How to Combat Climate Change in NYC
Volunteer opportunities and climate-focused cultural events across all five boroughs for Earth Day and beyond.
When Earth Day first debuted on April 22, 1970, NYC’s then-mayor had already established the first civic-based Environmental Protection Administration in 1968. Since then, NYC has launched a series of ambitious climate change policies (especially in the last two decades)—including a goal of sending zero-waste to landfills by 2030; setting targets like carbon-free electricity by 2040 and net-zero carbon emissions by 2050; and passing legislation that requires all new developments to incorporate solar panels and green spaces.
This year, to take advantage of the spring weather (especially for a good cause) and the newly-vaccinated freedom for some, we offer opportunities for hands-on volunteering and IRL ways to support the 52nd anniversary of Earth Day. From events and programming hosted by organizations across all five boroughs, here are some ways to help make a difference.
Help cultivate 30,000+ acres of city parks all month long
NYC’s Department of Parks & Recreation oversees over 30,000 acres of the city, including millions of trees (literally), almost 1,000 playgrounds, 800 athletic fields, thousands of athletic courts, plus beaches, pools, nature centers, and more.
In recognition of the 2022 theme, Restore our Earth, NYC Parks has a whole slew of activities throughout April (and beyond) to celebrate Earth Day: a tree planting at Cunningham Park (Queens) on April 22; a class on soap making with garden herbs and essential oils at the Phoenix Community Garden (Brooklyn) on April 22; an urban wildlife nature walk at the William T David Wildlife Refuge (Staten Island) on April 23; a volunteer event at Van Cortlandt Park (Bronx) on April 23: and a challenge to collect local data on biodiversity at Forte Greene Park (Brooklyn) on May 1.
Immerse yourself in a Staten Island botanical haven
Back in the 1970s, artists and activists came together to convince the City of New York to purchase the property that, today, has become the Snug Harbor Cultural Center & Botanical Garden. Today, it’s a thriving cultural resource for the public—featuring 14 botanical gardens (including a Chinese Scholar’s Garden and a Tuscan Garden, inspired by a 18th century garden in Florence); one of the city’s oldest concert halls; and buildings showcasing classic architecture (which host art and history exhibitions).
On April 23, Snug Harbor will host a Compost Site Tour event. Attend to learn more about food waste and how composting is done across the city through various systems.
Partake in Bee-A-Pollinator Service Day
Dating back more than three centuries, the 47-acre Queens County Farm (currently on the National Register of Historic Places) resides on NYC’s largest plot of self-contained farmland. Based in Floral Park, it comprises a greenhouse complex, planting fields, an orchard and herb garden, and historic farm buildings.
On April 22, visit the farm for Bee-A-Pollinator Earth Day Service Day, to clean up the property, take an apiary walk with an NYC beekeeper, experience a self-guided nature scavenger hunt, and learn about composting.
Amp up your gardening skills
What began as a garden society exhibit over five acres is now a thriving botanical center in Flushing. The Queens Botanical Garden, home to an urban forest of 800 trees (from crabapple to gingko biloba), refreshed its master plan in 2020 to support a holistic urban vision of connecting the water, culture, and environment through garden expression.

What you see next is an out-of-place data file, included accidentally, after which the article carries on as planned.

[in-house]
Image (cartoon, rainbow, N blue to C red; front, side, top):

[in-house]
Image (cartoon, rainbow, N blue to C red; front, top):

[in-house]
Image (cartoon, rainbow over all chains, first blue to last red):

On April 26, the Queens Botanical Garden hosts its Farm Community Volunteer Day, inviting the community to help grow produce that will be distributed to food pantries and communities in need. Learn the basics of gardening and take part in a variety of activities including raking, weeding, harvesting, garden bed maintenance, and more.
Almost three decades after its formation, the Randall’s Island Park Alliance has helped transform the island—nestled between the Bronx, Manhattan, and Queens— into a sports and recreation hub (60 athletic fields, state-of-the-art track and field center, and 20 tennis courts) and a natural wildlife destination, by restoring wetlands to improve water quality, protecting wildlife inhabitants, and growing produce through RIPA’s Urban Farm.
On April 29, take part in its Arbor Day Planting event by planting trees native to the park followed by a tour of its natural areas.
Head uptown for an all-day Harlem Earth Day fest
On April 23, check out the all day Harlem Earth Day Festival featuring a series of events as part of a community initiative to support local businesses in the area. Enjoy entertainment like live music and DJs spinning tracks, along with food from Harlem vendors The Cecil, Steakhouse, Afterwards, shop for eco-friendly goods that include arts and crafts, wellness items, and clothing.
Participate in an event from the Fort Greene Park Conservancy
Walt Whitman is credited with persuading Brooklyn to designate Fort Greene as its first official park in the late 1840s. Since then, this 30-acre downtown parkland has seen a local community of almost 200,000 residents enjoy its green acreage of open fields, rolling hills, and playgrounds.
Join the Hudson River Park Green Team
The Hudson River Park Trust (established in 1998) was set up to ensure a public park and sanctuary was built, designed, and operated along the Manhattan shoreline. The River Project maintains the 400-acre estuarine sanctuary, centering its efforts around fish ecology, shoreline debris, pathogens, microplastics, and water quality.
On April 23 and additional dates throughout the year, volunteer with the HRPK Green Team to cultivate your green thumb with their horticulture staff while pruning, trimming, and more to learn skills while helping a worthy cause.